Solar India – Bold Plan or Bargaining Ploy?

When Rahul Gandhi, a prominent member of parliament and the son of former Indian Prime Minister Rajiv Gandhi made his pitch for nuclear power last year, the pivotal point of his argument was Kalavati, an impoverished widow with four children who lives in the village of Jalka, in the state of Maharashtra and has limited access to electricity.

Kalavati became the Indian equivalent of the US’s “Joe the Plumber,” propelled on to the national stage as a media figure. She was invoked passionately by Gandhi, to publicize the fact that 78 million rural households in India live without electric power, that poverty was directly connected to energy security and that nuclear power was the solution. At stake was a proposed deal between India and the U.S and access to U.S nuclear technology for India. The coalition government headed by Gandhi’s Congress party won the debate and the deal was signed last October.

While espousing the need for electricity for all, Greenpeace India took a different approach, writing a new ending for Kalavati’s story.

With the aim of highlighting the fact that the Kalavatis of India need not wait close to 20 years to benefit from a nuclear power plant, after which they would still only be passive consumers of power, the organization installed solar panels at the village school in Jalka, which powered up 10 fans and one computer. It took just three days to bring about drastic change in the lives of the 100 children who attend the Zilla Parishad School.

Decentralized Power = Income Generation and Empowerment

Greenpeace, like many other grassroots organizations and social enterprises in India, believes that centralized power is the root cause of energy poverty. With centralized power, be it through coal, hydro or nuclear power, electrifying cities is the priority and rural villages, often at the tail end of the power grid, are literally left in the dark.

According to estimates, India has an energy deficit of 10 to 17 percent; over 450 million people — a third of its population — have no access to electricity; power cuts last from two to four hours almost every day in the cities and up to 20 hours in rural areas.

Jalka is testament to this fact, just about 30 miles away from a thermal power station, it still receives only sporadic power. Advocates believe that decentralized renewable power via micro-grids is an optimal solution, one that would not only bring consistent power supply to the villages but would also alleviate poverty by enabling individuals and private and public entities in the villages to become power producers, with income generation through feed-in tariffs (FITs).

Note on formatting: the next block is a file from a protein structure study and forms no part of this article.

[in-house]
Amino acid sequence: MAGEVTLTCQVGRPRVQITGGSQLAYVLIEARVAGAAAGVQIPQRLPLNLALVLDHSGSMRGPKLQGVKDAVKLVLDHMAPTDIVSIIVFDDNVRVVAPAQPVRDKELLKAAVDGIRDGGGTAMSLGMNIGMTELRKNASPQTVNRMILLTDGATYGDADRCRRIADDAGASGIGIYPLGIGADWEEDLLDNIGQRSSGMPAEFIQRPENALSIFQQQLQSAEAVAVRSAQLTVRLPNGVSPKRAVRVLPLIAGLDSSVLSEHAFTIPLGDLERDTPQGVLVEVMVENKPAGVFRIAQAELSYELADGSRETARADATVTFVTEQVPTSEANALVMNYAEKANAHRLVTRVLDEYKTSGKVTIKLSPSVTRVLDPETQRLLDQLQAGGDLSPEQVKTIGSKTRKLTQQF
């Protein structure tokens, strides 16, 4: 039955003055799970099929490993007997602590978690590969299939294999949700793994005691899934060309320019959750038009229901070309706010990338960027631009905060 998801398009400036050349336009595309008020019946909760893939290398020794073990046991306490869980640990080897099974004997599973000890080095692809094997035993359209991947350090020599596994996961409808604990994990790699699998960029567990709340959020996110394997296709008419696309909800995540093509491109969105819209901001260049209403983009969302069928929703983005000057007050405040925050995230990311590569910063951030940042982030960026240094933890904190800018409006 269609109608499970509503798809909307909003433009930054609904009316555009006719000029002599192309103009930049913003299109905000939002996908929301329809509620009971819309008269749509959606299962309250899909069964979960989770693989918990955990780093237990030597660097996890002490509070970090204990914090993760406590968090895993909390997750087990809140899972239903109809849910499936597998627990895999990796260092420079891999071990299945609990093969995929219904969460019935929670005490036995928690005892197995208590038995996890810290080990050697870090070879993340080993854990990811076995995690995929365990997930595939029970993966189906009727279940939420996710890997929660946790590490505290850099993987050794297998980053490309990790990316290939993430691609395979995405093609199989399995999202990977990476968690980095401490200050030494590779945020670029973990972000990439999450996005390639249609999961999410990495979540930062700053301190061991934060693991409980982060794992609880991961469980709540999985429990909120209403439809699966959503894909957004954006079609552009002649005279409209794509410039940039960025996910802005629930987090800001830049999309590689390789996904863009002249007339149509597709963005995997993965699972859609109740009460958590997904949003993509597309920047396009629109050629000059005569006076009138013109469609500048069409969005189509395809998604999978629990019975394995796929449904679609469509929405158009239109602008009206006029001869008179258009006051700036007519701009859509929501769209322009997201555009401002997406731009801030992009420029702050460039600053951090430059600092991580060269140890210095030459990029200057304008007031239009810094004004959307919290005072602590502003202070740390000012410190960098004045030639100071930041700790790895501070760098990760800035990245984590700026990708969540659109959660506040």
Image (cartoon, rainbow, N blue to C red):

This year, India launched a plan that envisions the country becoming a leader in solar energy. After officially unveiling its Jawaharlal Nehru National Solar Mission (named for India’s first Prime Minister and Gandhi’s great-grandfather) at the end of November, the country now has in place an ambitious plan to increase installed, grid-connected solar capacity from the current three megawatts (MW) to one gigawatt (GW) by 2013, and 3 GW by 2017.   The plan is one of 8 missions in India’s National Action Plan on Climate Change.

Also proposed in the mission are targets for one GW in off-grid solar power by 2017 and 2 GW by 2022, in rural areas. By 2022, the country aims to have 20 GW of solar power. Currently, generation costs for solar in India are Rs. 15-20 [US $0.32-0.42] per kilowatt-hour (kWh), according to the Ministry of New and Renewable Energy (MNRE) but the plan anticipates grid parity by 2022, acknowledging that this is contingent on several factors such as the scale of global deployment and pace of advancements.

Rapid scaling-up is expected to bring down costs, improve technology and help achieve the goals for the first phase. Import duties may be waived for critical solar components including silicon, to jumpstart the plan. Investment in R&D will aim to increase efficiency and develop cost-effective storage technologies.

To achieve its rural electrification goal, the government aims to provide 20 million solar lights by 2022 and light up 10,000 villages with solar power by 2013, according to a statement by Farooq Abdullah, the minister for new and renewable energy. The government will be subsidizing 90% of the cost of bringing solar to those 10,000 villages.

While industrialists have lauded the solar mission, there are those who question the government’s strategy and the argument boils down to the need for decentralized power.

“My initial thoughts are that the plan is too lopsided towards centralized solar. There are not enough incentives for small entrepreneurs and enterprises to take up energy services as a business. The incentives are more for the big guys,” said Harish Hande, who founded SELCO Solar Light, a for-profit social enterprise with revenues of $4 million and 175 employees.

One-size-fits-all Approach Wrong for Rural Power

Hande co-founded SELCO 15 years ago to provide need-based sustainable energy solutions for the poor, going against the conventional wisdom that grants and subsidies would be necessary to help alleviate poverty and that affordability cripples sustainable development.

He referred to the plan for 90 percent subsidies to bring power to 10,000 villages as “old wine in a new bottle,” because subsidies have not worked before and they have a huge transaction cost, aside from killing innovation.

The plan should focus on providing incentives and after-sales support instead of subsidies, Hande said. Based on his personal experience working with the poor to address energy needs, he contends that the solar mission is New Delhi-centric instead of approaching it from the perspective of the realities that face the rural population.

“In a decentralized approach, India could encourage hordes of solar entrepreneurs, in the areas of sales and after-sales support and service. India has a fantastic opportunity to solve two huge problems — reduce poverty and combat climate change. This is India’s chance to combine both issues and approach it in a holistic way,” he said.